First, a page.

Genocidal mass murderer and former Indonesian dictator Suharto died in hospital in Jakarta on January 27, aged 86, never having faced justice for the millions of people he killed or the billions of dollars he stole during his three decades in power. While Suharto may be gone, the hypocrisy of his rich-country supporters - especially Australia - lives on.
Through a spokesperson, US President George Bush expressed his condolences to the people of Indonesia on the loss of their former president, according to the January 28 Washington Post. In the same article, Australian Prime Minister Kevin Rudd described Suharto as an influential leader who oversaw a period of significant economic
growth and modernization.
Rudd characterised Suhartos record of genocide as merely controversial.
Former prime minister Paul Keating, Attorney General Ian McClelland and Australian ambassador to Indonesia Bill Farmer attended Suhartos funeral on January 28. McClelland told AAP that while the Australian government recognised issues of controversy, it also recognised his achievements he brought Indonesia from a country that was subsistence to one with a developing economy
Keating told the Australian on January 28 that focusing on Suhartos crimes was missing the point, because Suharto devoted himself entirely to the development of social conditions in Indonesia.
Keen to secure the great wealth of the Indonesian archipelago for Western corporations, Australian and US government support for Suharto goes all the way back to his rise to power via a bloody military coup in 1965.
Suharto, then a top-ranking general, overthrew the nationalist government of president Sukarno, which had undertaken a number of measures that attempted to protect Indonesia from the ravages of exploitation by Western corporations.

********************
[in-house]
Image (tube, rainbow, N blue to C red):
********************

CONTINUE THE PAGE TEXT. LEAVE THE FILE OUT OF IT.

Even more concerning for Western governments was the rise of the Indonesian Communist Party (PKI) on the back of mass struggles by workers and peasants. By the time Suharto took power, the PKI had an estimated 3 million members and 20 million organised supporters, making it the largest communist party outside of the Soviet Union and China.
With the active assistance of the CIA and the US embassy, Suharto launched his coup, utilising the military and
right-wing Islamic fundamentalist militias to carry out a campaign of mass slaughter against all leftists or suspected leftist sympathisers.
No-one knows the exact number killed, but at least half a million people were butchered in the space of four months. Some estimates put the figure as high as 2 million.
The PKI was physically exterminated completely wiped out.
Under Suharto, democratic elections and freedom of speech were completely non-existent, while opponents were routinely killed, jailed and tortured.
At a New York meeting of the Australian-American Association in July 1966, then-prime minister Harold Holt expressed his joy at this turn of events, infamously declaring with satisfaction: With 500,000 to 1 million communist sympathisers knocked off I think it is safe to assume a reorientation has taken place.